Project Report PR-97-01
An Analysis of the Fish Communities Along the Barbers Point Ocean Outfall, Ewa Beach, Oahu, Hawaii, Using Remote Video, 1996 Data
Richard E. Brock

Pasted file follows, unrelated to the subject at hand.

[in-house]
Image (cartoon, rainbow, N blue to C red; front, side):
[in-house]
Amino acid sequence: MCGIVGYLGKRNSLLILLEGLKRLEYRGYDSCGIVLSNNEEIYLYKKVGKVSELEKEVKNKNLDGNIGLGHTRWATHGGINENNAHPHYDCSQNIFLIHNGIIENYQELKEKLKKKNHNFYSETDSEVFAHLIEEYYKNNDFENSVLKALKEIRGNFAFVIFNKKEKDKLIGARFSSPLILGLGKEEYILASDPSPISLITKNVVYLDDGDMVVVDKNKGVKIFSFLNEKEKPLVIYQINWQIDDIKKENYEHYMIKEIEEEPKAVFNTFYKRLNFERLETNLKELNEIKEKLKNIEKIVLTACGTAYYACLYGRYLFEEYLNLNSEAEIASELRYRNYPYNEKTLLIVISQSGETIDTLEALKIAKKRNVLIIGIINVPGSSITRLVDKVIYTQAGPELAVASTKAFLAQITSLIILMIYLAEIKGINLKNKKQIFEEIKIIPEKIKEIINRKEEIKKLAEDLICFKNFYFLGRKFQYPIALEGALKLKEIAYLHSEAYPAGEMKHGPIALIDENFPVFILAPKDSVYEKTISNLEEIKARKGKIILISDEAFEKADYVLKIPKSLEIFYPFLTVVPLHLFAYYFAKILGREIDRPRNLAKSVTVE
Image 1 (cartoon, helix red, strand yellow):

Because the diffuser of the Barbers Point Ocean Outfall lies below safe diving depths, a remotely controlled video camera system was used to determine the status of the marine fish communities and selected diurnally exposed macroinvertebrate species residing on the diffuser. Video reconnaissance was completed over the entire 534-m length. Three visual “transects,” which “sampled” approximately 31% of the total diffuser length, were established on the diffuser pipe. Video sampling of the diffuser fish communities was carried out in January of each year from 1992 through 1995 and in March of 1996. The results of the five annual surveys indicate that the diffuser fish communities are dominated by species that are either small as adults or juveniles of larger species, probably as a result of the presence of only small-scale shelter created by small armor rock and gravel used in constructing the discharge pipe. Because of poor camera resolution, differing angles of the camera, small fish sizes, and the fishesº nature to flee from the approaching camera, the fish census Data are highly variable and should be viewed as more qualitative than quantitative in nature. Despite this variability from transect to transect and year to year, only one parameter showed any statistical change over the five annual survey years. This parameter was the mean size of the area sampled to find an individual fish. Little significance should be attached to any change noted in the fish or macrobenthic communities residing on the Barbers Point diffuser because of the variable quality of the Data generated by use of the remotely controlled video system.